Monthly Archives: February 2014

United Methodists on the Holy Spirit

As a United Methodist Elder I am asked what do Methodist believe from time to time. Below you will see the official doctrine of the Holy Spirit. More to come next Friday.


The Holy Spirit is God’s present activity in our midst. When we sense God’s leading, God’s challenge, or God’s support or comfort, we say that it’s the Holy Spirit at work.

In Hebrew, the words for Spirit, wind, and breath are nearly the same. The same is true in Greek. In trying to describe God’s activity among them, the ancients were saying that it was like God’s breath, like a sacred wind. It could not be seen or held: “The wind blows where it chooses, and you hear the sound of it, but you do not know where it comes from or where it goes” (John 3:8). But the effect of God’s Spirit, like the wind, could be felt and known. Where do we find the evidence of the Spirit at work?

In the Bible

The Spirit is mentioned often throughout the Bible. In Genesis a “wind from God swept over the face of the waters,” as if taking part in the Creation (1:2). Later in the Old Testament (Hebrew Bible), we often read of “the Spirit of the Lord.”

In Matthew’s account of Jesus’ baptism, Jesus “saw the Spirit of God descending like a dove and alighting on him” (3:16) and he “was led up by the Spirit into the wilderness to be tempted” (4:1). After his Resurrection Christ told his disciples, “You will receive power when the Holy Spirit has come upon you” (Acts 1:8). A few weeks later, on the Day of Pentecost, this came to pass: “And suddenly from heaven there came a sound like the rush of a violent wind….All of them were filled with the Holy Spirit” (Acts 2:2, 4). As the Book of Acts and Paul’s letters attest, from that time on, the early Christians were vividly aware of God’s Spirit leading the new church.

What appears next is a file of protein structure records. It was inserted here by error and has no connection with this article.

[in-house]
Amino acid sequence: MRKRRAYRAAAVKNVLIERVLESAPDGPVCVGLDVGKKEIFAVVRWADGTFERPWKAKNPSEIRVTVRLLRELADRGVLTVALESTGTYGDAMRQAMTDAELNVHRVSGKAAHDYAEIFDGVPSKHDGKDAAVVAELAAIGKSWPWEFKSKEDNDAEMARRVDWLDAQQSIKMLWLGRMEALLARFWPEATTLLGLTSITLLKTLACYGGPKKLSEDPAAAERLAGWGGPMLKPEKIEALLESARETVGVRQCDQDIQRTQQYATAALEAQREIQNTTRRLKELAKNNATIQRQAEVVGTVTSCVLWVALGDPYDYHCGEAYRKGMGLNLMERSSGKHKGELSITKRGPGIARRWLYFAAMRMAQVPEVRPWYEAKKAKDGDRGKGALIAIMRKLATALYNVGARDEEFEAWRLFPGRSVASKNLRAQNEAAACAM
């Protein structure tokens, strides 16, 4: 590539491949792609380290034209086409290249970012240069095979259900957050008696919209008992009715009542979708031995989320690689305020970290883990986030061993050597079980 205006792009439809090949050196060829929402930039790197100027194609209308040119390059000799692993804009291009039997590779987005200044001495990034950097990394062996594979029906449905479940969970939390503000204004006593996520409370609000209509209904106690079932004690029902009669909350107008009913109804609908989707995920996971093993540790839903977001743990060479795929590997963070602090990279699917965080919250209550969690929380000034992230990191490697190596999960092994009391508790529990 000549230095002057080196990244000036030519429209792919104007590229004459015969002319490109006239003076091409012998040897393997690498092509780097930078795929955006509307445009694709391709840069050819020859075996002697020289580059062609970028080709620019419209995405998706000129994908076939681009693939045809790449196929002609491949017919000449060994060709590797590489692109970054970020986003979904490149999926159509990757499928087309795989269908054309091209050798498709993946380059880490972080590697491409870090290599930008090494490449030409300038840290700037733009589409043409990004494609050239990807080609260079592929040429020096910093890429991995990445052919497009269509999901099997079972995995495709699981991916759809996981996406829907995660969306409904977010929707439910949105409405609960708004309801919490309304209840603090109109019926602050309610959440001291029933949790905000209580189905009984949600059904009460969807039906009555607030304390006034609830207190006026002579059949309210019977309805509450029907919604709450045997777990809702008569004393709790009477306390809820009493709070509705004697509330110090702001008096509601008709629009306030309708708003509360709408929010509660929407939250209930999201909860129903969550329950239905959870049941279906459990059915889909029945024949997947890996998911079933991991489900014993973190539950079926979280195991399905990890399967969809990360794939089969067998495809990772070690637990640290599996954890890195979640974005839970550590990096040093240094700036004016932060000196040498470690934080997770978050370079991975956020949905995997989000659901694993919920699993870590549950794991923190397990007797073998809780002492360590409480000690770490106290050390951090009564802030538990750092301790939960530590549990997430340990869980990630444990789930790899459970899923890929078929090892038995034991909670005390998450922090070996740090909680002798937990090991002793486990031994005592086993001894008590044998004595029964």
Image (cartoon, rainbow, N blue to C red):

In guidance, comfort, and strength

Today we continue to experience God’s breath, God’s Spirit. As one of our creeds puts it, “We believe in the Holy Spirit, God present with us for guidance, for comfort, and for strength” (The United Methodist Hymnal, No. 884). We sense the Spirit in time alone—perhaps in prayer, in our study of the Scriptures, in reflection on a difficult decision, or in the memory of a loved one. The Spirit’s touch is intensely personal.

Perhaps we’re even more aware of the Holy Spirit in the community of believers—the congregation, the church school class or fellowship group, the soup kitchen, the planning committee, the prayer meeting, the family. Somehow the Spirit speaks through the thoughtful and loving interaction of God’s people. The Holy Spirit, who brought the church into being, is still guiding and upholding it, if we will but listen.

In the gifts we receive

How does the Holy Spirit affect our lives? By changing us! By renewing us and by strengthening us for the work of ministry.

· Fruits: Jesus said, “You will know them by their fruits” (Matthew 7:16). What sort of fruit? Paul asserts that “the fruit of the Spirit is love, joy, peace, patience, kindness, generosity, faithfulness, gentleness, and self-control” (Galatians 5:22).

· Gifts: Paul also writes that the Spirit bestows spiritual gifts on believers. In 1 Corinthians 12:8-10 he lists nine, which vary from one person to another: the utterance of wisdom, the utterance of knowledge, faith, healing, working of miracles, prophecy, the discernment of spirits, various kinds of tongues, and the interpretation of tongues.

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Alive Now

Campbell1

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February 26, 2014 · 4:15 pm